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  • re: Clustering every SQL Server instance

    Greg; I might have misunderstood you, but you seem to see a dichotomy between &quot;convenience of support staff&quot; vs. &quot;user experience&quot;. I happen to think making the life of the support staff easier enhances the user experience. In addition, if we don't consider the impact on user experience, the convenience of the support staff ...
    Posted to Linchi Shea (Weblog) by Linchi Shea on February 22, 2012
  • Clustering every SQL Server instance

    You may disagree, but I believe it is a good practice to cluster all the SQL Server instances. That is, even when you plan to run a SQL Server instance on a single machine, you should install it in a single node cluster. The primary advantage is that you only need a single standard SQL Server build instead of one for the stand alone and one for ...
    Posted to Linchi Shea (Weblog) by Linchi Shea on February 10, 2012
  • re: Performance impact: the cost of NUMA remote memory access

    As mentioned, I was interested in the worst case scenario. For that, I didn't want any other resource bottleneck that may obscure the impact of remote memory access. For instance, if SQL Server has to wait for a page to be retrieved from disk, that would be an eternity compared to retrieving a page from a remote node, and in such as scenario you ...
    Posted to Linchi Shea (Weblog) by Linchi Shea on February 1, 2012
  • re: Performance impact: the cost of NUMA remote memory access

    Thanks Greg! I actually also tried OLTP workloads (e.g. TPC-C) in the same test setup, and didn't see any difference at all. It's more intutive with OLTP than with reporting in that the time it takes to get a page from another node accounts for an extremely small fraction of the total response time in an OLTP query. But for a reporting workload ...
    Posted to Linchi Shea (Weblog) by Linchi Shea on February 1, 2012
  • re: Performance impact: the cost of NUMA remote memory access

    You can't disable NUMA at the hardware level. However, many machines have a BIOS setting that allows node interleaving, which effectively presents memory as if it were on a SMP machine. By default, this setting is disabled, and I don't know any real-world scenario where disabling NUMA at BIOS provides a performance advantage. But I have not played ...
    Posted to Linchi Shea (Weblog) by Linchi Shea on January 31, 2012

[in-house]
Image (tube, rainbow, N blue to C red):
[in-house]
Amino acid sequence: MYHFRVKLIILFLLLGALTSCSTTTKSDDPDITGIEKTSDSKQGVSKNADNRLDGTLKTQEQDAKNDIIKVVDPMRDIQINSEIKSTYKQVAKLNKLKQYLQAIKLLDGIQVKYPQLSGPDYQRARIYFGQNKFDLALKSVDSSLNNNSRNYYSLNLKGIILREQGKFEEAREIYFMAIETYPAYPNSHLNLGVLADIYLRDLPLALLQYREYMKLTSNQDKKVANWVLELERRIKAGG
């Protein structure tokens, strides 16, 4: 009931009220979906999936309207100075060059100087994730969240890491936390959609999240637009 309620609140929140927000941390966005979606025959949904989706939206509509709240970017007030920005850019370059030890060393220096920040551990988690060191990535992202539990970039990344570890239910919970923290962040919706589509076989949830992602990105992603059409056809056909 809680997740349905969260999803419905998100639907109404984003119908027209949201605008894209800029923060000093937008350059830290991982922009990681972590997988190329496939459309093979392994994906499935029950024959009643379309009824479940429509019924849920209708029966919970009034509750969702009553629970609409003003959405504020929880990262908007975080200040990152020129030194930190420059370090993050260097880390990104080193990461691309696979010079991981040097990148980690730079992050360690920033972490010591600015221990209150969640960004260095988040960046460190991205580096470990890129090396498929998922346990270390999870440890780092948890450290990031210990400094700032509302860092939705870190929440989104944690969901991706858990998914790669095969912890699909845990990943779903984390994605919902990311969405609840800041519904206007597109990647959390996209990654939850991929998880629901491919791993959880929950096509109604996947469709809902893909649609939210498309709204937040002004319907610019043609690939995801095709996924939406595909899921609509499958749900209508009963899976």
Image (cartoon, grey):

• Performance impact: the cost of NUMA remote memory access

    These days if you get a new server-class machine to run SQL Server, you can almost be 100% sure that itll be running on NUMA hardware. The recent AMD Opteron and Intel Nehalem-based processors are all built on some form of NUMA architecture. The current consensus is that as the number of processors grows, their shared memory bus can easily get ...
    Posted to Linchi Shea (Weblog) by Linchi Shea on January 30, 2012
  • No respect: NUMA affinity meets query parallelism

    What happens when NUMA affinity meets query parallelism? It gets no respect! SQL Server allows you to affinitize a TCP port to a specific NUMA node or a group of NUMA nodes. Books Online has an article on How to: Map TCP/IP ports to NUMA Nodes. And this BOL article discusses various NUMA affinity scenarios. Recently, I have been playing with ...
    Posted to Linchi Shea (Weblog) by Linchi Shea on January 28, 2012
  • T-SQL stored procedure for finding/replacing strings in a text file. Really?

    I know people have been doing all sorts of things with T-SQL, and I have absolutely no issue with people trying to push the limit of what T-SQL can do, or what you can use it to accomplish, especially when its for demonstration or pedagogical purposes, or as an intellectual exercise. But then I bumped into an article on writing a T-SQL stored ...
    Posted to Linchi Shea (Weblog) by Linchi Shea on January 27, 2012
  • re: Performance impact: SQL2008 R2 audit and trace

    Greg; It's actually quite arguable whether the audit setup and the trace setup I tested are in fact similar. And I'm ready to concede that the test was kind of 'rigged' in favor of the audit setup. Just I wanted to get a feel for some sort of worst case scenario. I'm repeating the test with the trace setup using one of the security audit event, ...
    Posted to Linchi Shea (Weblog) by Linchi Shea on January 25, 2012
  • Performance impact: SQL2008 R2 audit and trace

    We are told that SQL Server 2008 R2 Audit (and SQL Server 2008 Audit) has much less performance overhead than SQL Trace when we try to capture the same information. Knowing how SQL Server R2 Audit is implemented (i.e. on top of the extended events infrastructure), Ive always taken that as a given and never bothered to check it out. Recently, I ...
    Posted to Linchi Shea (Weblog) by Linchi Shea on January 24, 2012
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